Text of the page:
Mandy and Mordy had announced their plans to make aliyah. Everyone was so happy for them. After working remotely through covid, Mordy was able to convince his company that he could continue to work from Israel, returning occasionally to the office in London. It really doesn’t get much better than that.
A week after the big announcement, I bumped into Mordy’s parents. Sarah and Jake were from the city. A couple of years earlier they followed their kids and bought a home around the corner from them. “Mazal tov on the big news,” I said, “I can imagine it must be a little bittersweet for you.”
Suddenly, Sarah’s face changed. “No, not bittersweet. Just bitter. We moved to the neighborhood to enjoy our grandchildren. We helped them buy the house. We’re not pleased at all. How could they be so selfish?”
Today’s daf discusses the documentation a man must provide if he returns from overseas with a wife and children.
מַתְנִי׳ מִי שֶׁיָּצָא הוּא וְאִשְׁתּוֹ לִמְדִינַת הַיָּם, וּבָא הוּא וְאִשְׁתּוֹ וּבָנָיו וְאָמַר: ״אִשָּׁה שֶׁיָּצָאת עִמִּי לִמְדִינַת הַיָּם—הֲרֵי הִיא זוֹ, וְאֵלּוּ בָּנֶיהָ״—אֵין צָרִיךְ לְהָבִיא רְאָיָה לֹא עַל הָאִשָּׁה, וְלֹא עַל הַבָּנִים. ״מֵתָה וְאֵלּוּ בָּנֶיהָ״—מֵבִיא רְאָיָה עַל הַבָּנִים, וְאֵינוֹ מֵבִיא רְאָיָה עַל הָאִשָּׁה. ״אִשָּׁה נָשָׂאתִי בִּמְדִינַת הַיָּם—הֲרֵי הִיא זוֹ, וְאֵלּוּ בָּנֶיהָ״—מֵבִיא רְאָיָה עַל הָאִשָּׁה וְאֵין צָרִיךְ לְהָבִיא רְאָיָה עַל הַבָּנִים. ״מֵתָה וְאֵלּוּ בָּנֶיהָ״—צָרִיךְ לְהָבִיא רְאָיָה עַל הָאִשָּׁה וְעַל הַבָּנִים. גְּמָ׳ אָמַר רַבָּה בַּר רַב הוּנָא: וְכוּלָּן בִּכְרוּכִים אַחֲרֶיהָ
Mishna: If a man went overseas with a wife and returned with a wife and children and said: This is the woman who went overseas with me and these are her children, he is not required to bring proof that she is the wife or that they are the children. If he said: My wife died and these are her children, he must bring proof that the children were born to his wife, but he does not need to bring proof about the lineage of the wife. If he said: I married a woman overseas; this is my wife and her children, he must bring proof about the lineage of the woman, but he is not required to bring proof of the lineage of the children. If he said: I married a woman overseas and she died, and these are her children, he is required to bring proof for both the lineage of the woman and the children. Gemara: Rabba bar Rav Huna says: And all these cases refer to a scenario where the children were clinging to her (thereby buttressing the claim that they are indeed her children).
We all want our children to cling to us. We want them to be there by our side throughout our lifetimes. Perhaps not literally clinging to us physically, but after all we’ve invested in them, we deserve the nachas we’ve earned, right?
And yet, at the same time, we want our kids to be strong, stable and independent human beings. We want them to get married, have their own source of livelihood, live in their own home, and live their own life. How do you balance this dichotomy between having children that cling to you but are nonetheless independent and not reliant on you for the rest of your life?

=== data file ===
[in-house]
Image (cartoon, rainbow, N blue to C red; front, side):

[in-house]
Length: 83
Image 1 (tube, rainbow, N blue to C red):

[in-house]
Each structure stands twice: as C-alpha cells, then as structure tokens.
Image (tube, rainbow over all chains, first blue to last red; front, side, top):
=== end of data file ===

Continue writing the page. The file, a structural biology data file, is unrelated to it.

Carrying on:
The key to striking the right balance is a basic tenet of parenting. The job of a parent is to create a successful, sustainable human being able to survive and thrive in the world. The amount that a parent gives his child is so tremendous that it could never be fully repaid. Nevertheless, a good parent constantly asks himself, “Am I doing this for my child or for myself?” While the answer would appear to be obvious, that’s not always the case. Sadly, far too often, the parent treats his child as an investment, the unspoken consideration being: What will I get out of the deal? Let’s look at a few examples.
When you tell your teenager, “You can’t leave the house dressed like that,” are you thinking about the child’s welfare and wellbeing, or are you concerned about the embarrassment he’ll cause you?
When you encourage your child to head down a certain career path, is it because you know your child will excel in that field or so that you can be proud of his profession?
When you help your children with a downpayment, are you thinking, “It’s crazy how difficult it is today to enter the housing market. As a parent, I’m happy I can help my children get ahead in life?” Or are you thinking, “If I help my kids buy a home, that will ensure they live around the corner, and I can enjoy my grandchildren?”
Some parents wonder why they don’t have very good relationships with their children. That’s not what they’re really wondering. They actually want to know why, after everything they’ve done, their children aren’t there for them. And that’s exactly why the relationship isn’t stellar. Instead, they should be asking how they can be wonderful parents without expectations. Seemingly miraculously, they will start to notice their relationship flourishing. May you strive to be an all-giving parent and merit a deep and amazing lifelong relationship with your children!
Rabbi Dr. Daniel Friedman is the author of The Transformative Daf book series. He battles Christian antisemitism and teaches International Relations at Landers.